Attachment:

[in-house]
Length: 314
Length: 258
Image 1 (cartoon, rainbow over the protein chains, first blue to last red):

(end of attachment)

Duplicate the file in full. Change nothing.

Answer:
[in-house]
Length: 314
Length: 258
Image 1 (cartoon, rainbow over the protein chains, first blue to last red):